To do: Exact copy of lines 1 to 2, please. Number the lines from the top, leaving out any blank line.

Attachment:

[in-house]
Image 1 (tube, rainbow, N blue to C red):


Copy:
[in-house]
Image 1 (tube, rainbow, N blue to C red):